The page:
Archive for Anglican – Page 2

2012 Luther Lecture

In September, Luther College at the University of Regina hosted its annual Luther Lecture. This year’s speaker was Michael Ingham, Anglican Bishop from the Diocese of New Westminster in B.C. You can read about my thoughts on the lecture here. Luther College has uploaded video of the lecture. I have embedded it below, but if you’re having trouble seeing it you can go directly to the college’s website to view it.

Canadian Christianity — Bishop Michael Ingham

On Monday night, Luther College at the University of Regina hosted its annual Luther Lecture. This year’s invited guest was Michael Ingham, Bishop of the Diocese of New Westminster in the Anglican Church of Canada.

Bishop Ingham was introduced as one of the 25 most influential Anglicans in the world, and given the issues and events that have happened in the diocese of New Westminster in the last decade, this is not surprising. I have spent the last two years reading and trying to figure out the Anglican Communion, and I have read about Bishop Ingham, as well as reading some of his own writings. Attending the lecture gave me a chance to see the man himself, and I hope that it will help me to better evaluate his influence and his theology without relying on some of the opinions that are coloured by pain and anger. Saying that, Bishop Ingham presented himself as a quiet, smart, and well-composed. And while there are still theologies and actions that I still strongly disagree with, and believe that have caused damage to the Anglican Church in Canada and worldwide, Bishop Ingham is not the devil incarnate, or the “bogeyman.”

To introduce his lecture, he talked about the recent controversy about whether or not the liberal, mainline churches are dying, as discussed in mainstream media articles like Ross Douthat, Margaret Wente and Diana Butler-Bass.

This leads to a need to talk about what “success” looks like or mean in Christian discourse. Is a church successful if it’s growing? Is it successful if it doesn’t? What does success look like in light of the fact that we follow a Saviour who suffered and died?

Ingham’s lecture was on the impact of the shift from modernity to postmodernity on the Christian Church. For the most part, what he said was not really controversial, as he gave a basic overview of both modernity and postmodernity. His argument was that the labels “evangelical” “catholic” and “liberal” are fundamentally modern in orientation and are thus meaningless and obsolete in a post-modern context. These labels have become political labels that represent ideologies rather than theologies, and they belong to an older generation of Christians, and have no place in the new Christianity of the 21st century. Thus, younger Christians are trying to find a way to distinguish themselves. They are post-liberal, post-evangelical, post-conservative, etc.

Ingham then looked at the evolution that has occurred within the three traditions of Christianity: liberalism, evangelicalism, and Catholicism. So for example, out of liberal Christianity has arisen post-liberalism and radical orthodoxy. From evangelicalism has arisen the emerging church movement, and from Catholicism has arisen communities like Taize.

He argued that part of the problem today is that in spending so much time about the decline of the church, we are missing the fact that new and exciting things are happening. Indeed, he emphasized that the church is not dying; but it is changing. And while changed can feel like death because it is painful, Christianity is in the process of evolving.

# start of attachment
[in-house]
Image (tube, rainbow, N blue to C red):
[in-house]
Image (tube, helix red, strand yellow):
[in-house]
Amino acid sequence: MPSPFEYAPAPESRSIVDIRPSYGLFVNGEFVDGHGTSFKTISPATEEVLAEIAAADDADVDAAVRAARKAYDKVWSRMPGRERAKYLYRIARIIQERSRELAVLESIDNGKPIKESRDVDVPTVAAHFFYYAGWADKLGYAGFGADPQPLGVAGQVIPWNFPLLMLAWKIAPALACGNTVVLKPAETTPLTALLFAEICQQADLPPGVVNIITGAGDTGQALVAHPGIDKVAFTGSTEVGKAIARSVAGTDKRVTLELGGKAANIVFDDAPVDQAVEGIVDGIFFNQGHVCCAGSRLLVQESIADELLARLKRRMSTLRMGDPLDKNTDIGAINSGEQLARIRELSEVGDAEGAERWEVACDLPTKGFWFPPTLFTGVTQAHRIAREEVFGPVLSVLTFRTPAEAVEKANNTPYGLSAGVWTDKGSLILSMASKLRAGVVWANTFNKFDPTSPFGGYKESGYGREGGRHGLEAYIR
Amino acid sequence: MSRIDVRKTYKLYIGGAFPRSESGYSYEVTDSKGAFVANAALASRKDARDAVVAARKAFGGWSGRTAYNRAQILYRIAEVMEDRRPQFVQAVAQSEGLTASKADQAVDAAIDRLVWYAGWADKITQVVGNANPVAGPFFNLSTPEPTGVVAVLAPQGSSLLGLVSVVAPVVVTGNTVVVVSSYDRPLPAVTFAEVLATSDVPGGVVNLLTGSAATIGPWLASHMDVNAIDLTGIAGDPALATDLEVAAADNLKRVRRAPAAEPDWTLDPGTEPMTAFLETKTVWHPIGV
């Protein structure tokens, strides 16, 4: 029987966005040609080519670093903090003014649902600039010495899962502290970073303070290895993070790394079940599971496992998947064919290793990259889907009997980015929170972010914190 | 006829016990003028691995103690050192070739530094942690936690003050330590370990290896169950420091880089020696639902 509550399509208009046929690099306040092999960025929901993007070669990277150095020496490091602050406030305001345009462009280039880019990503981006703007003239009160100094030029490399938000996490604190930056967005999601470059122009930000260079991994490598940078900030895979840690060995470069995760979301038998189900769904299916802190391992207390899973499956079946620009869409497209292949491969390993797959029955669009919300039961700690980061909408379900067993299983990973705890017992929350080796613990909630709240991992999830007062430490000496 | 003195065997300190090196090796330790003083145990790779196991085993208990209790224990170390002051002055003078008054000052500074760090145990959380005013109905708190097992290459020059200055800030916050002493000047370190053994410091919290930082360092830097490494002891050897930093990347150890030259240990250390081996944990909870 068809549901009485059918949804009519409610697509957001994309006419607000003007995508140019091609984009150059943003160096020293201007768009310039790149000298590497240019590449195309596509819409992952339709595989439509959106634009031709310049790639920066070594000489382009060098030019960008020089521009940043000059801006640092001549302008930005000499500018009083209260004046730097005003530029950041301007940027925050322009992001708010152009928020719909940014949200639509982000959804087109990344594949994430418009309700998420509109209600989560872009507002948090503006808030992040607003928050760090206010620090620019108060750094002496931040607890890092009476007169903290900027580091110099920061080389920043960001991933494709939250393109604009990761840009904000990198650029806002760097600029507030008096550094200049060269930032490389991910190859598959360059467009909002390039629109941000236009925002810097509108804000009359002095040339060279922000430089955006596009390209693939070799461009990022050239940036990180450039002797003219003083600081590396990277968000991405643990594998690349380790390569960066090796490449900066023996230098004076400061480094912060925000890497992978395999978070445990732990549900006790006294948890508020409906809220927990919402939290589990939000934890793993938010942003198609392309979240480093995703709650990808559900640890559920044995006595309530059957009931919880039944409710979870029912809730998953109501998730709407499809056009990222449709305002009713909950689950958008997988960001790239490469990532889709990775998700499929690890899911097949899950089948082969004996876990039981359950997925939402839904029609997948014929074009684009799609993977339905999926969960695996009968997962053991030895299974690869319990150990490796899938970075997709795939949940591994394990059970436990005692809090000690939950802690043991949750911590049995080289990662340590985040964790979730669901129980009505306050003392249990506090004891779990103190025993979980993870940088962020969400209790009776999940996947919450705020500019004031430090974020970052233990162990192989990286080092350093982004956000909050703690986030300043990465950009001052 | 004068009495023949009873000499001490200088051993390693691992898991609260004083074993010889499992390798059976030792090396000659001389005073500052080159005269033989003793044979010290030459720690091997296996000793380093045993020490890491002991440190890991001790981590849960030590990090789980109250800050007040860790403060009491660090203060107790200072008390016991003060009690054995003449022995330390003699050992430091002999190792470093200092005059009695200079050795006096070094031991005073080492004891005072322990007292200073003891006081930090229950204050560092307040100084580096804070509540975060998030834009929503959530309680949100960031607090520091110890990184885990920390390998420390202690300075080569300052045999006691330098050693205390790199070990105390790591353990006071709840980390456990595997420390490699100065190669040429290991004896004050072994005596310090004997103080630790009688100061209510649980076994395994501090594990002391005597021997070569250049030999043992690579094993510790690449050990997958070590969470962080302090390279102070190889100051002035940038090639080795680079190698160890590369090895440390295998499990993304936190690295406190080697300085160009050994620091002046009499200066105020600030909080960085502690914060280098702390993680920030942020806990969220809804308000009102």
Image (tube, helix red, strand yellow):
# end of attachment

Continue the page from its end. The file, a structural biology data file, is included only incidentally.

It was interesting to observe his confidence that he is right in his decisions and actions in his role of Bishop. His lecture demonstrated that he believes that the issue of SSM has been settled in the Anglican church, that he has won, and that it is just a matter of time before the rest of the Anglican church capitulates to his position. This was evidenced in his emphasis that the new generation of Christians doesn’t want to fight about issues or doctrine. The way he set it up, it was clear that the older generation just needs to get on board with the younger generation; that the reason the young generation doesn’t want or need to fight is because it is right on the issues.

If I had had the chance, (or the courage), I would have asked the Bishop one of  two questions:

First, what will this age of redundant and obsolete labels mean for the selection and task of the new Archbishop of Canterbury?

Second, his very concluding observation was that we shouldn’t focus on the people who are leaving the church but rather on the people who are coming, made me want to ask him if he is working at all to reconcile with the conservative congregations that left his diocese for the Anglican Network.

This was my first Luther Lecture, and I think I would go again. In the 40 years of the Luther Lecture, Luther College has hosted a diverse company of scholars and thinkers, including Stanley Hauerwas, Hans Kung, Margaret Somerville, James Cone, and Rosemary Radford Ruether. Next year, the Luther Lecture will feature Martin Marty.

Thinking Through the Benefits and Necessity of Liturgy

“Liturgy is boring.”

“Liturgy is repetitive.”

“Liturgy stifles the Holy Spirit.”

“Yuck, liturgy.”

These are some of the reactions I’ve had when people hear that I’m currently attending an Anglican church. And yet, even before I began attending an Anglican church I knew that liturgy was an important and necessary part of my Christian faith. Even in more low-church, non-liturgical settings, the routine and familiarity of the order of service, of the rhythm of taking communion once a month, the routine of 3 praise songs, the offering, the sermon, the altar call and time of prayer, and the dismissal shaped and discipled my Christian walk.